BlindAlive.com

Accessible Fitness, more choices for more people

Fitness has always been a concern with regard to both mental and physical health regardless of age, gender, or any other variables that make each one of us unique. And for those in the blind community, fitness is every bit as much—if not more—important.

Exercise for the visually impaired is something that should be incorporated into a weekly, if not daily, routine for a variety of reasons that are both similar and different from people within the sighted community. For those with total loss of sight as well as for those who are low sighted, a lack of regular exercise can bring on a host of other issues, including weight gain, sluggishness, and perhaps worst of all for many, insomnia or a circadian rhythm that has been thrown completely off track.

A quality workout done at the right time of day and at the right pace to meet your unique physical and mental needs is just what the doctor may have forgotten to order. For many blind people, fitness has been a challenge: without someone to guide you and without the ability to drive yourself to the gym, it becomes obvious why so many visually impaired individuals give up—but with the BlindAlive line of Fitness Workouts for blind people, you’ll never have to depend on anyone else again.

Yoga and Strength Training with wieghts for blind people along with a variety of other cardiovascular exercises help our bodies stay toned, help us gain muscle mass and lose weight, but most of all, can help lead a blind person away from a sense of helplessness.

Are you ready to sweat? Come get healthy and leave all your notions of not being able to get fit due to your visual impairment behind with BlindAlive!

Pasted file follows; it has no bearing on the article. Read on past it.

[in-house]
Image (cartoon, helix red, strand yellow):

Creative Thinking ... It Tastes Just Like Chicken

Have you noticed how many things are said to taste "just like chicken?" From frog legs, to tofu turkey, to alligator meat, the refrain is the same: "It tastes just like chicken." I doubt that anyone is actually gullible enough to believe this. After all, nothing tastes exactly like chicken except for, well, chicken. So why do we say it? My unproven theory is that we want to compare something that's new and unfamiliar to something we know and like, or even love. It's why parents tell children that their liquid medicine tastes just like candy. The parents know it's not true, but to them, the health benefits of taking the medicine are preferable to the consequences.
I'll never forget my first taste of whole wheat pizza with vegan cheese. A delivery order to my office had been confused, and we ended up with four of these pizzas, and only one traditional one. Some of my coworkers were not pleased, but they were hungry, so they dug in. Comments followed quickly. "This doesn't taste like pizza. It's awful!"
A friend of mine sometimes refers to me as Polly the Peacemaker. Polly is for Pollyanna, who always looks on the bright side, and peacemaker comes from the fact that I'm happiest when everyone in my world is getting along. So you can see why I couldn't just let the negativity continue.
"That's because it's not really pizza," I said. Only something that sounded so offbeat would stop the conversationin it's tracks. "I don't really think of it as pizza. If I did, I'd be really disappointed. I think of it as Vegan flatbread, and it's pretty good. The crust is different, but it's kind of nutty, and it has texture, and the cheese doesn't taste like standard Mozzarella, but it's a nice mix with the veggies that are on top."
If you feel like you're just eating a healthier version of pizza, and you don't really like it, you'll just feel cheated, or at least I have. But set that notion aside, and maybe substitute a mental script like, "I am making healthy choices and am enjoying Vegan flatbread." It may just sound like a game of semantics, but why not recognize the unique differences of each food you try? After all, not everything tastes like chicken, and that is as it should be.
If you've found a helpful food substitution or a mental trick that works for you, please let us know. You can always respond via social media or on our Facebook group.

 

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